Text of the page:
Science Museum of Minnesota Celebrates 100th Birthday

Photo courtesy of the Science Museum of Minnesota


Science Museum
Sciparty 2007

What a difference a century makes

Since 1907, Minnesotans have witnessed the invention of gas-powered automobiles, industrial robots, and cross-Atlantic flight. We’ve seen space travel, lifesaving advancements in medicine, and DNA fingerprinting. We’ve even welcomed inventions that seemed impossible 100 years ago: the Internet, communication satellites, even genetic sequencing or cloning.

And with each new invention, each crucial discovery, each innovation, the Science Museum of Minnesota has helped its visitors discover their ever-changing world through science.

Now it’s time to celebrate. The Science Museum is marking its 100th birthday with family-friendly activities, including the community-based “Diggin’ Dinos” initiative. From now through Labor Day, 60 dinosaurs are stomping back from extinction. They’ll hang out on the street corners of St. Paul and in the parks of Minneapolis, each telling its own unique story.


Photo by Aaron Smith / © 2007 Smitty’s Workshop

Instead of a coat of rough skin, these fiberglass dinosaurs are covered in colorful paint. Diggin’ Dinos is a collaboration between the Science Museum of Minnesota and Capital City Partnership, the same organization that introduced the Peanuts statues to St. Paul in 2000.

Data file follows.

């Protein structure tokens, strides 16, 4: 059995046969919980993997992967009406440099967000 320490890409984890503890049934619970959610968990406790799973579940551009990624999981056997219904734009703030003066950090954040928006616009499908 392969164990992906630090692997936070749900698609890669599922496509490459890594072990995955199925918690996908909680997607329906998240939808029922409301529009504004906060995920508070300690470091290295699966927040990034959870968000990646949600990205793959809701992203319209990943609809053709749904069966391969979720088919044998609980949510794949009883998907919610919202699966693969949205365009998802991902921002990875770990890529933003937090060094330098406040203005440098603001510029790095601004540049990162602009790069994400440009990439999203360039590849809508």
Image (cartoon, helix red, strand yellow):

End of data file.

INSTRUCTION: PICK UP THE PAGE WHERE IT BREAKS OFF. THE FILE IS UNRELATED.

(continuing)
“We wanted to bring science outside into the community so everyone can share in the celebration,” says Liza Atkinson, special events coordinator with the Science Museum of Minnesota.

Over 200 artists submitted designs to the Diggin’ Dino sponsors, who then worked with their selected artist to decorate their Dino.

Photo by Aaron Smith
© 2007 Smitty’s Workshop

“We loved the variety of designs. They were all really innovative and unique,” Atkinson comments. 

Among this herd of high-gloss dinos, a few particularly stand out. The Minnesota Wild used hockey pucks as plates along their dinosaur’s back to create their “State of Hockeysaurus” design. “Mythasaurus,” by Atomic Props and Effects, resembles a fierce dragon, and “Dino X Rayasaurus” by Consulting Radiologists, replicates a dinosaur’s skeleton, complete with special glow-in-the-dark paint creating a spooky nighttime x-ray effect.

After Labor Day, sponsors may purchase the dinosaurs, or the Science Museum will auction them off to the highest bidder at a special event on Sept. 9.

“The response to Diggin’ Dinos has been really positive,” Atkinson says. “It’s especially fun to see kids and families posing with the dinos on our plaza, and I love hearing about folks from across the state who are vacationing in the Twin Cities, just to see the statues.”

Future paleontologists, families, and anyone interested in catching a glimpse of the once- extinct species can download a free “dino map” at, or simply grab a copy at the Museum.

Stomp into summer, Science Museum-style!